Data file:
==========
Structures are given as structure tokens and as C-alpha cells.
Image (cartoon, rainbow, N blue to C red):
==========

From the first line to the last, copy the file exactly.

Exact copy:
Structures are given as structure tokens and as C-alpha cells.
Image (cartoon, rainbow, N blue to C red):